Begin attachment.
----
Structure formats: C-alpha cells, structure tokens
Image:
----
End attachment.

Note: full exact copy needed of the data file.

Structure formats: C-alpha cells, structure tokens
Image: